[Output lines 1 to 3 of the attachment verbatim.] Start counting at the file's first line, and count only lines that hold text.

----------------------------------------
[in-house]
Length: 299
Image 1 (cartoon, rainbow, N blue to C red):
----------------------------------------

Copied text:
[in-house]
Length: 299
Image 1 (cartoon, rainbow, N blue to C red):